WONDERING


The Self-Inquiring Mind

Self inquiry is never trifling. It’s always involved with considerations of significant importance, always leading to another significant issue. It always raises questions that can never be fully answered, questions to which we need, want and are compelled to return.

The struggles involved in the fleeting bounds of self inquiry, in which we all engage (knowingly or liking it or not), is akin our efforts to making noise into music, distraction into image or picture, and dissonance into amiable affinities.

W. H. Auden: St. Marks Place Apartment


W. H. Auden in His Cluttered Kitchen

In 1952, Auden and his life-long companion moved to an apartment at 77 St. Marks Place in New York’s East Village. It was, more or less, Auden’s permanent home for the rest of his life.

During the initial years, Auden lived, however ambivalently, actively engaged in social and political interests, as well as enjoying his status as an internationally renowned poet. In his later years, Auden became increasingly withdrawn and lonely.

This was profoundly reflected in his writings, through which he deliberately attempted to discard much of his own public dignity, a significant sign that indicated the painful depth of his feelings of personal isolation. Many of his last poems spoke to, rather than about, silent objects and people who were either absent or dead. Runinations about “night” (the darkness and ending of one’s day/life) dominated his writings in 1972, and particularly in his poem “Lullaby” that was addressed to himself. In that poem, writing about sleep was framed by the language of finality: “Let your last thinks all be thanks,” anticipating a time of final endings, completions and a state surpassing all feelings of resentment.

On another note, Auden’s life-long anxieties about his seemingly paradoxical wishes to maintain a clear sense of autonomy, versus his strong needs for attachment, were perhaps no more clearly presented than in his book of poems, About the House, inspired by various rooms in his home. Writing about groups of people visiting in the “living room”, Auden’s thoughts turned to the impact of the size of such rooms upon the internal experiences of psychological boundaries versus a lack of boundaries.

If the room was too small, he believed that, “...people can’t forget at will that they’re not alone.” In other words, they can’t remember that while together (or part of a “we”), they are also alone, instead drowning in a sense of enmeshment, lack of personal identity, autonomy and achievement.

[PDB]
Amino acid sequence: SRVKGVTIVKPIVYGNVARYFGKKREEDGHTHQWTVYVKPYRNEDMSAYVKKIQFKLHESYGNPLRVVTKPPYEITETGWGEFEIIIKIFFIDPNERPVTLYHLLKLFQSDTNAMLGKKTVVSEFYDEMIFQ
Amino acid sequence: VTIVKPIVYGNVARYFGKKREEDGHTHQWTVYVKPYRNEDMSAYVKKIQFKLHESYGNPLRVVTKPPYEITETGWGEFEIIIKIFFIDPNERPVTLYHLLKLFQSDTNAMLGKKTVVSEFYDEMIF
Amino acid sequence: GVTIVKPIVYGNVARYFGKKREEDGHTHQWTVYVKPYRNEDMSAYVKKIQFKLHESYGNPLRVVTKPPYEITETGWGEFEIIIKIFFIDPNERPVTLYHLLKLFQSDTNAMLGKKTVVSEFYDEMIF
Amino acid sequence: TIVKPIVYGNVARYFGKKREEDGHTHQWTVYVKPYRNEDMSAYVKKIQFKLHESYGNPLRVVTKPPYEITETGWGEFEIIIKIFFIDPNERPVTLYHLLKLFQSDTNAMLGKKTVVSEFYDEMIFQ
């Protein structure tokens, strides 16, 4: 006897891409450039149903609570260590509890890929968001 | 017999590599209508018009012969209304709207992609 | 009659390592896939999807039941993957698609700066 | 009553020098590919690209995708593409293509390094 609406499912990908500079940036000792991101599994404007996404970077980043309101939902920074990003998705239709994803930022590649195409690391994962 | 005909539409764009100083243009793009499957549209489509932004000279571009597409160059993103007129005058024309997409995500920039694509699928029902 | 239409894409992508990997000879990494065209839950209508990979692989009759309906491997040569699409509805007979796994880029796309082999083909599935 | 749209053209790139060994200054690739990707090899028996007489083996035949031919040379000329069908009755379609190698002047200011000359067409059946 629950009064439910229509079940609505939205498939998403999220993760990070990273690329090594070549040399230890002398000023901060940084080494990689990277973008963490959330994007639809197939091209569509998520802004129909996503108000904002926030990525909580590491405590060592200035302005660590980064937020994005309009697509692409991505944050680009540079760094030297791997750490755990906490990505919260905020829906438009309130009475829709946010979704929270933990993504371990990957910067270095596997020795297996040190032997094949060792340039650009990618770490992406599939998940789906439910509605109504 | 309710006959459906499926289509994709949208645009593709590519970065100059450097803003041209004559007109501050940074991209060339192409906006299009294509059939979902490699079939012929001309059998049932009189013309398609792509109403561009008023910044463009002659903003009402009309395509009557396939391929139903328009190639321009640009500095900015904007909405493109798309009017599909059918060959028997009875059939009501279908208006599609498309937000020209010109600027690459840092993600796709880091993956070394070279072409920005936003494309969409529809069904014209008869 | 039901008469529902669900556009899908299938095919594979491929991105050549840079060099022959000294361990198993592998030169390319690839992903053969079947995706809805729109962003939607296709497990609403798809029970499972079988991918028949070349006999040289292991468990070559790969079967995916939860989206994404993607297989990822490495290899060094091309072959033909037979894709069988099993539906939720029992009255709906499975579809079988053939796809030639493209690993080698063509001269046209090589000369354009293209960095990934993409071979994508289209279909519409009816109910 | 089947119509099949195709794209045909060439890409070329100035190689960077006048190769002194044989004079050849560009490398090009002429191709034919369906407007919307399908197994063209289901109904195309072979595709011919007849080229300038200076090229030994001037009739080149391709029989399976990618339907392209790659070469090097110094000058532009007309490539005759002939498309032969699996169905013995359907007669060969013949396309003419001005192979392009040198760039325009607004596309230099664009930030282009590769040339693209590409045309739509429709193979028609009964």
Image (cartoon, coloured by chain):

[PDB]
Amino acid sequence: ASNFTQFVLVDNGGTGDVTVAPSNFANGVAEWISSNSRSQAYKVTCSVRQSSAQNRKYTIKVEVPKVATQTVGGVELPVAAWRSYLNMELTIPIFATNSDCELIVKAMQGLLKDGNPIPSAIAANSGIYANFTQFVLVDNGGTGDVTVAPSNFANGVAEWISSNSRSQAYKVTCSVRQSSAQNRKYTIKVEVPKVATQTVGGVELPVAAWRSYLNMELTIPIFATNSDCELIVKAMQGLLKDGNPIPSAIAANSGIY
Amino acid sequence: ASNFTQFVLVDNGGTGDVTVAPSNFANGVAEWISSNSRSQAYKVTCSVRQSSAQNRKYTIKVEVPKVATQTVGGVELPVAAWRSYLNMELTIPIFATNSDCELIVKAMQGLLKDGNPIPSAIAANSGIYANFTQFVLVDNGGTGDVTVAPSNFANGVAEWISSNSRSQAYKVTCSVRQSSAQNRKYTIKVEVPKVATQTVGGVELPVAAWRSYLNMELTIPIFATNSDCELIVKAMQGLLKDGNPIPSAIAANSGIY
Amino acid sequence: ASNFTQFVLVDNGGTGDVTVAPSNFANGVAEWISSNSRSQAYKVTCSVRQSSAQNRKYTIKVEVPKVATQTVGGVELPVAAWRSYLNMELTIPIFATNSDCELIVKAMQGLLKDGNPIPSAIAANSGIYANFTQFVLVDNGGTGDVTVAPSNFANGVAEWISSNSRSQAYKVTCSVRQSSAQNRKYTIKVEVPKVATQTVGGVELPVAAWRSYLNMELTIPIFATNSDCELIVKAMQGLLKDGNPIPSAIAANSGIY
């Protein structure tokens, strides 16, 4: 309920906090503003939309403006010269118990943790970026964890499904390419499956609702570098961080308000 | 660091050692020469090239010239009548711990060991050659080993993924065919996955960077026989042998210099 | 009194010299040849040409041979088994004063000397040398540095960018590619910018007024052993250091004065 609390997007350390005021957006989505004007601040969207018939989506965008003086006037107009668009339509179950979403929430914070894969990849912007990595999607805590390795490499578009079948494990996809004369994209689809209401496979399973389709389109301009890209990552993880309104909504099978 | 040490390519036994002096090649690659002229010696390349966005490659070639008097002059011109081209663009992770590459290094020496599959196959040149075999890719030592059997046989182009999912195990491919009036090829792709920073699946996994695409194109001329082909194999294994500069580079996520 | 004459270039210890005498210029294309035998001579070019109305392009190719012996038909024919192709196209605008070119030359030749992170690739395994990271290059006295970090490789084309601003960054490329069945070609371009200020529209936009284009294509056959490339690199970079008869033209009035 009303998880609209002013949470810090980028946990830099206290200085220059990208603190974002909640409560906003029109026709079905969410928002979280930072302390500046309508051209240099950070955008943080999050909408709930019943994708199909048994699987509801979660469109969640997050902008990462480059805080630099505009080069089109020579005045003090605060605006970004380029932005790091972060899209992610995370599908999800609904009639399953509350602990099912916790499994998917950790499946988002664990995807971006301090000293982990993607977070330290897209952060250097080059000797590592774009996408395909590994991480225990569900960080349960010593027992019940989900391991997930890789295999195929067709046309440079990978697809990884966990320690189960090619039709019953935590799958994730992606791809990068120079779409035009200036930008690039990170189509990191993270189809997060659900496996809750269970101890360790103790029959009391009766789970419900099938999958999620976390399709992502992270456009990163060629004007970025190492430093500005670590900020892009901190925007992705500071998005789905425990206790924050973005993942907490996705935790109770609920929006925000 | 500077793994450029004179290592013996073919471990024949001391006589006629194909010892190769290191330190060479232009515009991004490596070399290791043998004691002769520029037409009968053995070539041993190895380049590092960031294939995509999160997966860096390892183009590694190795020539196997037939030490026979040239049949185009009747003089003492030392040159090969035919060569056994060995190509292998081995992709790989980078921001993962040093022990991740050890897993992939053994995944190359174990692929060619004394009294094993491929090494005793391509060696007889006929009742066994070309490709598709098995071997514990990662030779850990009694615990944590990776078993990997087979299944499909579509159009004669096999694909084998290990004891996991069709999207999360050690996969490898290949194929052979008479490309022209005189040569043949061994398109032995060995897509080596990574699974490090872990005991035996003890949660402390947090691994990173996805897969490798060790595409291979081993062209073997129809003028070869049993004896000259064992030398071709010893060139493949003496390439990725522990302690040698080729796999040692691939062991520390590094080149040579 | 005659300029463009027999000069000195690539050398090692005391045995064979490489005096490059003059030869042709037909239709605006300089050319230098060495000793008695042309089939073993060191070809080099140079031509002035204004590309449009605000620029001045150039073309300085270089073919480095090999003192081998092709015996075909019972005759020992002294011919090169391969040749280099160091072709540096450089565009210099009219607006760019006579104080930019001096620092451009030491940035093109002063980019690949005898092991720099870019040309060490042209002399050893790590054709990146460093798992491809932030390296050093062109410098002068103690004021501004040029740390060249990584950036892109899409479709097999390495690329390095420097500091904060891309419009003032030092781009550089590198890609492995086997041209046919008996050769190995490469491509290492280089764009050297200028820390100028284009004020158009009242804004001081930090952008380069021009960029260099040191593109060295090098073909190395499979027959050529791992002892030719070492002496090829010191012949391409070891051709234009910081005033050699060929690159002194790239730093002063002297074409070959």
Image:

At another extreme, if the room was too large, it would encourage people to engage in ever-more strong efforts to make contact with each other, with intensively forceful attempts to achieve a sense of attachment, along with heightened wishes and strivings for nurturant dependency.

Near the very end of his life, Auden’s poem entitled “Loneliness” purported to convey his prediction that his intense feelings of solitude would be relieved on the following day, when his companion, Chester Kallum, was to return. In fact, the poem only addresses in the first person his own terrifying image of Loneliness itself, the “Gate-crashing ghost, aggressive / invisible visitor.”

Concluding this brief commentary, we return to Auden’s feelings of the dark night of his soul as the end of life approached, best captured in his poem entitled Lullaby:

LULLABY

Lay your sleeping head, my love,
Human on my faithless arm;
Time and fevers burn away
Individual beauty from
Thoughtful children, and the grave
Proves the child ephemeral:
But in my arms till break of day
Let the living creature lie,
Mortal, guilty, but to me
The entirely beautiful.

Soul and body have no bounds:
To lovers as they lie upon
Her tolerant enchanted slope
In their ordinary swoon,
Grave the vision Venus sends
Of supernatural sympathy,
Universal love and hope;
While an abstract insight wakes
Among the glaciers and the rocks
The hermit’s carnal ecstasy.

Certainty, fidelity
On the stroke of midnight pass
Like vibrations of a bell
And fashionable madmen raise
Their pedantic boring cry:
Every farthing of the cost,
All the dreaded cards foretell,
Shall be paid, but from this night
Not a whisper, not a thought,
Not a kiss nor look be lost.

Beauty, midnight, vision dies:
Let the winds of dawn that blow
Softly round your dreaming head
Such a day of welcome show
Eye and knocking heart may bless,
Find our mortal world enough;
Noons of dryness find you fed
By the involuntary powers,
Nights of insult let you pass
Watched by every human love.

W. H. Auden

Follow

Get every new post delivered to your Inbox.

Join 2,457 other followers

%d bloggers like this: